Vulnerabilities which may be exploitable from a remote or adjacent network, and without authentication, are higher risk and marked with a "Yes". Vulnerabilities which may only be exploited locally or which require authentication are marked with a "No". The information in this column is redundant as the CVSS values on which it is based are available in the CVSS columns, but it allows the list of vulnerabilities to be quickly scanned to locate more serious issues that are newly fixed in this Critical Patch Update.

Version 1.0 of the CVSS standard was used in Critical Patch Update advisories from October 2006 to July 2007. This version of the standard did not include the concepts of an adjacent network nor multiple authentications. For these older risk matrices, this column is marked with a "yes" for vulnerabilities which may be exploitable remotely without authentication.

CVSS Version 2.0 Base Risk

The CVSS version 2.0 base score, an assessment of risk defined by the Common Vulnerability Scoring Standard (CVSS). The document " Oracle's Use of CVSS Scoring" explains Oracle's implementation of the CVSS standard. The full standard, as maintained by the Forum of Incident Response and Security Teams (FIRST), can be found at: http://www.first.org/cvss/cvss-guide.html

The CVSS base score defines the severity of the vulnerability and ranges between 0.0 and 10.0, where 10.0 represents the highest severity. Each risk matrix is ordered using this value, with the most severe vulnerability at the top of each risk matrix.

Version 1.0 of the CVSS standard was used in Critical Patch Update advisories from October 2006 to July 2007. More details of this version of that version of the standard can be found at: http://www.first.org/cvss/v1/guide.html

Earliest Supported Release Affected

The earliest supported release vulnerable to a given issue. Supported releases before the one listed are not affected. Unsupported versions before the one listed have not been tested, but may also be affected by a given vulnerability.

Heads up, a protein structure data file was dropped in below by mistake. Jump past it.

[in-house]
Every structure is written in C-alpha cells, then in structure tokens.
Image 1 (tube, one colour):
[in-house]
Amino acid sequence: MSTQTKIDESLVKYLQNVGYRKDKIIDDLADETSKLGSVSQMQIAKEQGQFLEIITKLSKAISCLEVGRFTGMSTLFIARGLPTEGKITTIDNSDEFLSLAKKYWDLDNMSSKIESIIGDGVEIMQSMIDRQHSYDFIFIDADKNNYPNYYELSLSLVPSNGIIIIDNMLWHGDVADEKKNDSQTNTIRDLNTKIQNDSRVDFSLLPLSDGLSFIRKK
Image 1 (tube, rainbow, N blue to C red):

This column was used for all risk matrices in all Critical Patch Update advisories up to October 2007. It was removed in later advisories as its contents can be derived from the information in the Last Affected Patch Set (per Supported Release) column. This can be done by reviewing the Last Affected Patch Set (per Supported Release) column entry to determine which is the earliest Release associated with a patch set that has an entry in this column. For example, DB05 in the January 2008 Critical Patch Update has, and in the Last Affected Patch set (per Supported Release) column. These patch sets are from Oracle Database 9iR2, 10gR1 and 10gR2, respectively. Since Oracle Database 9iR2 is the earliest release, 9iR2 is the entry we would have placed in the Earliest Supported Release Affected column if we had retained it.

Last Affected Patch set (per Supported Release)

Product versions that do not have a patch set listed in this entry do not have the vulnerability described in this row in any supported patch set.  Product versions that do have a patch set listed in this entry are subject to the vulnerability described in this row except for patch sets, if they exist, that follow the patch set specified in this entry.  Thus, for example, if an entry in this column for the Database is "" then Database Version 10g version 2 contains the vulnerability in all supported patch set versions and before while patch sets and later do not have the vulnerability.  Also, in this example, Database versions 9i R2, 10g and 11g would not have the vulnerability in any supported patch set version since no patch set for those versions was specified in this entry.


Vulnerabilities requiring additional notes will use this column to refer to a Notes section immediately below the risk matrix. This column is included with Critical Patch Update advisories from January 2008 on.